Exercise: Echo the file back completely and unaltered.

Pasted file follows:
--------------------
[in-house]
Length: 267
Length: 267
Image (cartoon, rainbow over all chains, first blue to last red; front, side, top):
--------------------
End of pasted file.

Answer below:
[in-house]
Length: 267
Length: 267
Image (cartoon, rainbow over all chains, first blue to last red; front, side, top):